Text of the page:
ORB: Lube Oil

  1. All the different grades of bulk lubricating oil received can be recorded in a single entry. 
  2. The quantity has to be entered in metric tons.
  3. The officer in charge of the operation under code-H should be the chief engineer and each completed page shall be signed by the master of the ship. 

Mistake Found In ORB At later 

If at a later date, ORB entries are found to be in error or require to be clarified (such as during an audit or internal review), a note of the relevant findings and any corrective actions is to be attached to the inside cover of the relevant ORB.

No further action is necessary. The presence of the findings should be accepted by third parties as proof of effective audit and review procedures and the affected entry should not be construed to be a current deficiency in ORB.  

Responsibilities for Shore and Shipboard personnel

  • The ORB is stamped and endorsed by flag administration as required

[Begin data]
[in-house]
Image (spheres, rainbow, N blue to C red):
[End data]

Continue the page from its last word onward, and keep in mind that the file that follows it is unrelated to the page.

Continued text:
• Record to be kept for 3 years
  • Proper record-keeping is verified at each superintendent’s inspection and attendance

Responsibilities Of Master

The ORB is properly stamped  and endorsed by the flag administration

  • Record to be kept for 3 years
  • Each page of the ORB is properly dated and signed by the master
  • Each entry is correct as per format stipulated in MARPOL 73/78 as amended annex I chapter V
  • The chief engineer is promptly informed when the vessel enters or exit a “special area” as stipulated in MARPOL 73/78
  • Supplement to IOPP certificate form A is properly filled out

Did you subscribe to our daily newsletter?

It’s Free! Click here to Subscribe!

Source: Knowledge of Sea

LEAVE A REPLY

This site uses Akismet to reduce spam. Learn how your comment data is processed.